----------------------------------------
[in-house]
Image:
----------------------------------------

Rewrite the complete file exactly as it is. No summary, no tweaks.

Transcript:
[in-house]
Image: